Cries from the Wilderness

Sunday, December 13, 2020
Third Sunday in Advent
Scripture: Psalm 126 & John 1:6-8 & 19-28
Rev. Kristine Aragon Bruce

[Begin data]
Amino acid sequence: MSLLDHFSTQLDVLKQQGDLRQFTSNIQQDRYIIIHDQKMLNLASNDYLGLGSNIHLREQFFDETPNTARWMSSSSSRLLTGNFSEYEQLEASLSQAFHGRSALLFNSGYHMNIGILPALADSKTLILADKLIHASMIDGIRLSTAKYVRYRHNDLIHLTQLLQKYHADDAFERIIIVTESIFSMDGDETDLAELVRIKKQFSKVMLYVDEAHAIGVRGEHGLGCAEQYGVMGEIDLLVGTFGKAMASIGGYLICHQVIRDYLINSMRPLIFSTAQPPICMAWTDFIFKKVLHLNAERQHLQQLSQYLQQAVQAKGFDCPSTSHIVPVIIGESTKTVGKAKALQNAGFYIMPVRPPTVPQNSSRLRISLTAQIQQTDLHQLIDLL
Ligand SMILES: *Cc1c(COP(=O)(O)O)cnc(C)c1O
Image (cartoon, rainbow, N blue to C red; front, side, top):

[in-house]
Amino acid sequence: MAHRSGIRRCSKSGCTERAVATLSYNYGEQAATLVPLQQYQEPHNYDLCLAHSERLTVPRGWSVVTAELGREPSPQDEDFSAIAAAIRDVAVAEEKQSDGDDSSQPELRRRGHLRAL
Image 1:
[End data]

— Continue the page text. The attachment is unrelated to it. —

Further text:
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My guess is that because we live in Michigan our idea of the wilderness includes lush forests, bright dunes and of course majestic Lake Michigan. The wilderness is actually pretty beautiful here in Michigan. It’s similar to my idea of the wilderness having grown up in Washington State as it’s a similar landscape. For us Michiganders, the wilderness is a destination we want to go to. We vacation in the wilderness. The wilderness during John the Baptist and Jesus’s day? Not so much. The wilderness is a place you want to avoid at all costs. The following pictures are not far from where John the Baptist is thought to have preached and baptized people including Jesus. These were taken by my husband, Matt when he led a group of students from Wheaton College to the Holy Lands two summers ago.  As you can see, this wilderness is much different than the wilderness we’re used to here in MI. It’s desolate. It’s dry and incredibly hot. There’s no water so if you don’t have your own water supply you wouldn’t last long out there. If you look closely you can see some wild camels, who because they’ve evolved to carry water in their humps they can survive in such an unforgiving landscape. The color scheme is brown and another shade of brown. Oh! But in this last slide we’ve got a lighter shade of brown. But let’s face it: The wilderness of the middle east and biblical times is not what you would call a coveted vacation destination. Sleeping Bear Dunes it is not. It could also be said, however, that the wilderness is one of the main characters in the Bible. This is because so many people in the Bible spent time in the wilderness. The Israelites spent 40 years wandering in the desolate wilderness. Ezekiel, Elijah and Jeremiah also spent time in the wilderness. In our passage this morning John the Baptist lives in the wilderness. Jesus himself spent time in the wilderness being tempted by the enemy to give up his Messiahship.  While there were many in the Bible who spent time literally in the wilderness, others in scripture spent time (metaphorically speaking) in the wilderness. For example, the last sermon series we did on Esther, it was a “wilderness time” for Israel having to live under a government that persecuted them for their faith. Moses spent time in the wilderness in that he had to come to terms with his newly discovered identity as an Israelite when he grew up thinking he was Egyptian royalty. After the apostle Paul had a life changing encounter with Jesus Christ, he spent 14 years coming to terms with how this completely upended his life before he reached out to the other disciples to begin a life of ministry,  In today’s passage John the Baptist identifies himself as “a voice crying in the wilderness.” I think we can all relate to John right now in that we too are “crying in the wilderness.” Time in the wilderness is a part of life. It’s not a question of “if,” but “when” we will find ourselves in the wilderness. Sooner or later we experience an event that completely disrupts our lives forcing us to question who we are, what we believe and what is most important to us. It could be the loss of a job, the failure of a marriage or any dream unfulfilled. My guess is that none of us could’ve predicted a year ago that it would be a pandemic that sent the entire world into the “wilderness.” And yet here we are. Good things, however, can happen in the wilderness. I don’t mean to sound “Pollyanna-ish.” Pithy sayings such as “Let go and let God” or “It’s all part of God’s plan” are neither true nor helpful. I personally find them infuriating when I know so many of you have lost loved ones, are ill with this virus yourselves or have lost work. So many, unfortunately, confuse a cheerful attitude with deep faith. You’ve probably seen or heard the statement: “Choose faith over fear,” but if we read scripture more closely, faith never completely eradicates fear, but rather faith lessens fear’s grip on us. For that to happen we need to embrace the wilderness. Hear me out. What if instead of focusing on what it will be like to finally get out of the wilderness we instead take this time to sit in the wilderness? The wilderness of Covid has forced us to ask ourselves: What do I believe? Who am I? What is most important? What if we embraced the wilderness and faced all of the emotions this crisis has forced up to the surface? After all, the only way to survive a crisis is to go through it. But how we go through it will make all of the difference. If we are to come out of this crisis better than when we went in, we need a framework to get us through the wilderness. In our passage from John this morning, one’s faith always begins with who we believe Jesus to be. Our faith is dependent upon who we think Jesus is. If we truly believe that Jesus is who he says he is: The son of God, God as a human who is the savior of the world, who died, but was then raised back to life, then where do you see Jesus in the wilderness? Are we even looking for him? If Jesus isn’t our framework for understanding the wilderness we’ll be spending more time here than we needed or wanted to.  The more we allow Jesus to be a part of our time in the wilderness the more deeply we come to know him. The more we cry out in the wilderness, the more we know Christ listens. In general, we are terrible at asking for help whether it’s from other people or even Jesus himself. We want to be able to say we got through this or that crisis on our own sheer strength and perseverance. To ask for help is a sign of weakness. To quote Paul, however, Christ’s power is made perfect in weakness.  This past Wednesday at our midweek Advent service we gave space for people to name their laments. To name what or who we are grieving and/or missing. The first step in allowing Christ to be a part of our wilderness experience is to name before him what we are grieving. What is weighing us down. I, like you, am grieving that we can’t be in worship together. I’m grieving that I haven’t seen my sister in 18 months because she lives in Seattle. I’m grieving the loss of traditions that make this season even more magical for my kids. In simply naming before God what we are grieving we are reminded that Christ is present. But we have to first admit that we’re grieving. I encourage you this week to find a way to name in prayer to Christ what you are grieving or what you are struggling with. Whether it’s in prayer while lighting a candle or praying while writing it down. In naming our griefs and struggles they no longer become something we carry alone. We’ve put it out there for God to see. And in doing so we’ve allowed space for us to see how God is present in the midst of our grief and struggles. I truly hope we have a different understanding of who Jesus is once this is all over. All of the people in the Bible I mentioned earlier who spent time in the wilderness all went through an identity crisis and a crisis of faith. All they believed about themselves and God were completely blown apart. However, they came out of the wilderness more firm in their faith in God and in their identity as God’s beloved.  In the wilderness we can’t help but ask: “Who do I believe Jesus to be?” Perhaps pre-Covid you only thought about Jesus on Sundays when you were in worship. Maybe you are hanging onto the Jesus you grew up getting to know in Sunday School, youth group or a time in life when you were younger. Not that that Jesus was wrong, but has your understanding of Jesus matured as you matured? Is the Jesus you currently believe in big enough to speak into your current journey in the wilderness? We’re all at different points in our journey of faith. Maybe you’re in a place of wondering where in the world is Jesus? How could he possibly be present in such a confusing time as now? Keep asking that question. I think we all need to be asking that question. And I truly believe we will get an answer. Jesus is here with us. But as the crowd from our passage today discovers, Jesus is present in a way we did not expect or in places we didn’t think to look. But what matters most is that Christ is present. John tells the crowd: “I am the voice of one crying in the wilderness “Make straight the way of the Lord.” When we name what is difficult about being in the wilderness, the wilderness itself can serve as a straight path back to Christ. In the wilderness we are taken out of our normal lives and nothing is as it should be, or at least nothing is what we are used to. When so much has been taken away, are we happy with what’s left? We may come to the realization that our faith is not as strong as we thought it was because we placed more faith in ourselves than in Jesus himself. And we’ve discovered that our own sheer strength isn’t enough to get through the wilderness. When we finally pray for Christ’s help in navigating the wilderness we will not only find him on the other side of this desolate landscape, but walking beside us in the wilderness as well.